We believe Great Falls, which connects western agriculture with West Coast and Canadian clean product markets, presents one of the most compelling opportunities for Renewable Diesel production in North America.  We estimate the oversized hydrocracker built in 2016 can be reconfigured to process 10-12,000 BPD renewable feedstock at the lowest capital cost per barrel of any announced industry project.   Hydrocracker conversions are typically faster to market, cheaper, and less technically challenging.  In addition, the planned configuration could retain 10-12,000 BPD low-cost Canadian crude processing, providing Montana customers with clean energy and our unique specialty asphalt.  Future dual train operations are currently estimated to generate $220 to $260 million of Adjusted EBITDA assuming mid-cycle market prices and existing environmental market structure (BTC, RINs, LCFS).

Given strong investor interest in renewables, Calumet expects to utilize third party equity for this unique opportunity, without expending Calumet funds. “


Within the next six months, I expect CLMT to undertake a partial monetization of Great Falls and team up with a source of capital (strategic, PE, SPAC).


The renewable diesels market requires speed to build, and I don’t think CLMT is waiting around milking refining cash flows. It needs to act on renewable diesel in the next 6 months or the opportunity is gone. There is a definite advantage to being a first mover and being in the top quartile of the cost curve. 


CLMT brings a hydro cracker and refining infrastructure built for cracking heavy Canadian sour crude that can easily transition to renewable diesels (pipes, etc., that can handle acidic renewable feedstock) and critical rail infrastructure. It needs a partner with stable capital that can access feedstock (soy oil) and long term view in California, British Columbia and other Western/Pacific state renewable diesel credits.


The path to monetization of Great Falls will be more complex than a simple sale. In conservations with CLMT management, an asset value of close to $2 bil is achievable in switching to renewable diesel . I don’t expect CLMT to try and achieve that value on its own. CLMT simply does not have the capital, the balance sheet or the structure to fully realize the renewable diesel potential at Great Falls. I expect them to partner with a strategic, private equity or a SPAC to fund the transition of Great Falls to renewable diesel.


CLMT believes the renewable diesel transition can generate around $220-$260 mil. in Ebitda. Public comps in the space trade with a 12x multiple. If CLMT gets a 8x multiple the Great Falls asset could be worth $2 bil. Again, this requires several assumptions on the renewable diesel standard refining ebitda cut, the multiple given by the market, renewable diesel credits in Pacific coast states, etc.


My conservative expectation is that CLMT management monetizes 25 percent of the asset’s renewable fuel potential via a partial sale/jv. The payout on this will be structured over time but in the near term I expect CLMT to try monetize something. Near term (2022) they need $375 mil to address 2023 bond and any revolver drawings. I expect them to have access to credit markets if their monetization is partial.


My worst case scenario for Great Falls is no renewable fuels transition is successful and they run the refinery for cash flows based on WCS differential in 2021. In 2022, they sell the refinery to CVR or another merchant refinery for $350 or 3-4x multiple.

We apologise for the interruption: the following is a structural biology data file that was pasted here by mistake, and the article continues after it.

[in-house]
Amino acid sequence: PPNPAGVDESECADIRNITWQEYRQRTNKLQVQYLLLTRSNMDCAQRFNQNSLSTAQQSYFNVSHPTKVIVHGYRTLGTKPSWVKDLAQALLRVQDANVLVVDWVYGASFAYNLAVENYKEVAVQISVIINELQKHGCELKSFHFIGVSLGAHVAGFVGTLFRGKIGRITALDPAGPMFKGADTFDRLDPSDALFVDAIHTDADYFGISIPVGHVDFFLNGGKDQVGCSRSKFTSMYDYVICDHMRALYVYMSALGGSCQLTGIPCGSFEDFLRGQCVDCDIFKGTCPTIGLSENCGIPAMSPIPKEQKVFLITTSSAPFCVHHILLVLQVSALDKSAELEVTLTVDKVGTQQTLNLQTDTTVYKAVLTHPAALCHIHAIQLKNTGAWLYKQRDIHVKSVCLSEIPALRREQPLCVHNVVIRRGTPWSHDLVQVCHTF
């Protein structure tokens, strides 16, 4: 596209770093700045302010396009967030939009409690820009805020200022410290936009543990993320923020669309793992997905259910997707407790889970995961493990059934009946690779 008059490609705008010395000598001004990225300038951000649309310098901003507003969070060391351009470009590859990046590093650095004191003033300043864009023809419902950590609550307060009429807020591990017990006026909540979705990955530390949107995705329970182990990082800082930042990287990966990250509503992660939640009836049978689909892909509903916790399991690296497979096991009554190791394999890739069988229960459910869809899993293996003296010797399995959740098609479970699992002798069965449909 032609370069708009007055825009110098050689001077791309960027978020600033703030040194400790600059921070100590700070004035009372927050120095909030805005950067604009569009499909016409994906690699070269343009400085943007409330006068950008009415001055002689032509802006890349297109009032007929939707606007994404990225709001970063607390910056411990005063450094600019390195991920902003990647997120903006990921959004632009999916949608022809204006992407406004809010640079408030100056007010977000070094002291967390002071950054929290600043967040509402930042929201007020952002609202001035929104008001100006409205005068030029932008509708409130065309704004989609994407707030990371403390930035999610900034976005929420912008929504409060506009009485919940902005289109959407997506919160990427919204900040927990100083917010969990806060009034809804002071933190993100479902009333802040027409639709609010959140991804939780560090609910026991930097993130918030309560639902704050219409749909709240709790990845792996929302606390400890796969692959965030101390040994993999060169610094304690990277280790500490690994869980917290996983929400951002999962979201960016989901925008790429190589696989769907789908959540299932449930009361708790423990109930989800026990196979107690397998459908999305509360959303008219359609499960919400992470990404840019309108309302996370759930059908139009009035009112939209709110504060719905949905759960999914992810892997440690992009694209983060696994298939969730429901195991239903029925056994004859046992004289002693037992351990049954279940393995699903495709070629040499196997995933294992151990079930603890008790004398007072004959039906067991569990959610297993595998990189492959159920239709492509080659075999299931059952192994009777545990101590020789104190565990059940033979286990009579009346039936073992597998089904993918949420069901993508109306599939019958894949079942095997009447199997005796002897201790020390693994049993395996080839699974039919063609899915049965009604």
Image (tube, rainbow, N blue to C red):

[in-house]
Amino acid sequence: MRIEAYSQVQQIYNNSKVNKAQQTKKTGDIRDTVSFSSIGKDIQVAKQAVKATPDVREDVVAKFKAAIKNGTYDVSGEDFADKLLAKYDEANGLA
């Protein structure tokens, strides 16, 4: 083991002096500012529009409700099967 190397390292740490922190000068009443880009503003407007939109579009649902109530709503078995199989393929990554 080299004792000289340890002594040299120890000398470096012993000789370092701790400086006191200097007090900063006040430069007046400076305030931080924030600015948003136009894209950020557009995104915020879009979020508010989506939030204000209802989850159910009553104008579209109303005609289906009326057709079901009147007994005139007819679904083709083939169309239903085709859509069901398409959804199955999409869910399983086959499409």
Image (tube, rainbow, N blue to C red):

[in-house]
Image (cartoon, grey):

My best case scenario is they get a partial monetization for $300-$400 mil and residual equity upside in the renewable diesel project. This could be $600-$800 mil.


My base case is they monetize Great Falls over a few realization installments netting $500 mil. Basically the replacement cost of the hydro cracker.



Motivate GP 


The move towards de-hybridization and shareholder transparency is a move away from the MLP structure. After a Great Falls monetization, I expect the GP and CLMT management to address the MLP structure. I don’t see the GP IDR having any value in a speciality chemical company. 


The Heritage Group, which controls the GP, has been focusing on venture and alternative energy investments (batteries, etc.). I don’t see them as long term control holders of CLMT and I expect CLMT to be eventually sold and the GP to monetize its holdings. 




Failure to monetize on Great Falls. It will force CLMT to sell its Crown Jewels the lubricants business that it just took off the market. It will also force an eventual sale of Great Falls to a CVR, etc., at distressed prices.


The CEO quits. The last CEO and last 2 CFOs quit.  I did not see their departures as negatives as I think current CEO Steve Mawer is a huge upgrade over prior CEO Tim Go. I don’t think Steve is quitting anytime soon. Mawer is also well regarded by the GP, unlike the previous CEO and CFO (West Griffin).


Cyclical Macro cycle - unlikely as Global economies are just getting out of the covid crisis and world is awash in govt stimulus.


Credit Crisis - again unlikely with all the fiscal and monetary stimulus. Also CLMT with $1125 mil of debt is less than 4.0x levered.


GP continues to hold an orphaned MLP structure extending its 5 year structural destruction of CLMT equity ownership base.

I do not hold a position with the issuer such as employment, directorship, or consultancy.
I and/or others I advise do not hold a material investment in the issuer's securities.


Great Falls asset sale 

Deleveaging the balance sheet